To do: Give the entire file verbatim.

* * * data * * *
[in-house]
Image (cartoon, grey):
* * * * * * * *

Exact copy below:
[in-house]
Image (cartoon, grey):